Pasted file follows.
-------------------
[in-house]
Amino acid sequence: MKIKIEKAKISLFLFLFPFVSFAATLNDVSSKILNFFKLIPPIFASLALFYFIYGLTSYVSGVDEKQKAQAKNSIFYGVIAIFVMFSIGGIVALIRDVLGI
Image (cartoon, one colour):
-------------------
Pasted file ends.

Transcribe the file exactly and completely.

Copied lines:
[in-house]
Amino acid sequence: MKIKIEKAKISLFLFLFPFVSFAATLNDVSSKILNFFKLIPPIFASLALFYFIYGLTSYVSGVDEKQKAQAKNSIFYGVIAIFVMFSIGGIVALIRDVLGI
Image (cartoon, one colour):